Some see danger ahead in ATV statute
The measure will allow the vehicles on some unpaved public roads Oct. 1, but counties can vote for an exemption.
By JONATHAN ABEL
Published August 19, 2006
The rules are about to change for all-terrain vehicles.
At the moment, ATVs are banned on Florida’s roads, but come Oct. 1, a new statute will allow them on unpaved public roads where the speed limit is less than 35 mph.
The statute, 316.2123, has other restrictions: ATVs may be driven on the roads only during the day and only by licensed drivers or by minors under the “supervision” of licensed drivers.
Any county that doesn’t like this idea can exempt itself, the statute says, by a majority vote of its county commission.
On the North Suncoast, where ATVs have proved both popular and dangerous, some in law enforcement and local government think this new law is going to cause trouble.
“It’s a bad piece of legislation, especially in light of what just took place over the weekend,” said Deputy Donna L. Black, Hernando sheriff’s spokeswoman. “Having multiple ATVs on county roadways, it could compound the problem and put more people in harm’s way.”
Last Saturday, a 13-year-old girl in Hernando died after being thrown from an ATV that her 12-year-old cousin was driving. It was the fourth serious crash in the Tampa Bay region in just over a week and focused attention on the perils of these powerful machines.
“Is this state going backwards or what?” said Hernando County Commission Chairwoman Diane Rowden on hearing about the new statute. “What was in these legislators’ minds when they approved something like that?”
Rowden said she was absolutely opposed to ATVs on public roads.
On Thursday, the attorney for the Hernando Sheriff’s Office sent a letter to the county recommending a resolution to ban the ATVs on public roads.
Elsewhere on the North Suncoast, and across the state, officials were moving more slowly.
In Pasco County, Assistant County Administrator Bipin Parikh said he was “vaguely aware” of the issue and hadn’t really paid attention to it yet. He added that he would ask the county’s traffic safety committee to talk about it at its next meeting.
Doug Tobin, spokesman for the Pasco Sheriff’s Office, said his department had not found fault with the new rule.
“We don’t have any plans to seek an exemption to that law in Pasco County,” he said.
In Citrus County, things are still up in the air, according to Gail Tierney, spokeswoman for the Citrus Sheriff’s Office.
“The new legislation is currently with our legal counsel, and he is looking at it to see what in fact the Sheriff’s Office may or may not recommend to the local commission,” Tierney said. “It’s basically in the review process.”
One place where ATVs will likely not be welcomed is on the roads of the state forests.
“Typically, ATVs are not allowed on any of our roads. They’re only allowed in the motorcycle area,” said Winnie Schreiber , manager of the Withlacoochee Forestry Center.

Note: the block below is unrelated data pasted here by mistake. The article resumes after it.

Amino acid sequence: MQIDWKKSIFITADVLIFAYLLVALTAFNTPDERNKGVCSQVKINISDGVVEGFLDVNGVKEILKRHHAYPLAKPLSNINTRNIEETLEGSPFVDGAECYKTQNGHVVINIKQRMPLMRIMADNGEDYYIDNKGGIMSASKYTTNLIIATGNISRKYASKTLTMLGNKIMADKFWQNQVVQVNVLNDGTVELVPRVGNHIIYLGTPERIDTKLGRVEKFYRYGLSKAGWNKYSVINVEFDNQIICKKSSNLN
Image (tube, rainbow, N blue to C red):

She and her colleagues had begun talking about the change only in the last few days and were still trying to decide how to approach it statewide. “Our sense is that nothing is going to change here,” she said. “ATVs are not going to be allowed on our roads.”
The change in the law was part of a 97-page Department of Highway Safety and Motor Vehicles bill signed into law in June.
State Rep. Greg Evers , of the northwest part of the Florida Panhandle, proposed the amendment as a way to help recreational and agricultural ATV riders.
“Here in the Panhandle, we don’t have any motor tracks where the kids can enjoy these, and there was also a problem even with farmers and ranchers on dirt roads where they were getting cited or getting warnings,” he said.
Evers said the new law will actually make it safer to ride ATVs because people will be able to use the roads instead of blazing their own trails through the woods.
“On most of your dirt roads, there’s not going to be that much car traffic, especially when you’re dealing with dirt roads that don’t exceed 35 mph,” Evers said.
Although it opens up more room for ATVs to travel, the law is also part of an effort to regulate who can drive them. Also included in the bill was a provision that ATV drivers under 16 must pass a safety course. That goes into effect July 1, 2008.
Maj. Ernesto Duarte, spokesman for the Florida Highway Patrol in Tallahassee, said this safety education provision was an important part of the context for the changes to ATV driving rules.
Still, there are worries about driving these four-wheelers on the public roads.
“We obviously urge those operators to be extremely careful,” Duarte said. “Those vehicles do not afford seat belts, air bags and other types of protections that other vehicles have. They travel in terrain that’s not paved and that’s hidden with danger.”
If they notice a problem, Duarte said, individual FHP troop commanders will talk it over with local governments, which can exempt themselves from the law.
Times researcher Angie Drobnic Holan contributed to this report. Jonathan Abel can be reached at email@example.com or (352) 754-6114.
[Last modified August 19, 2006, 21:40:16]
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